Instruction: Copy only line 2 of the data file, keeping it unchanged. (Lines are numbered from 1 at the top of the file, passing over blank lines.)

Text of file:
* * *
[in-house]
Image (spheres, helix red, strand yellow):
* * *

Image (spheres, helix red, strand yellow):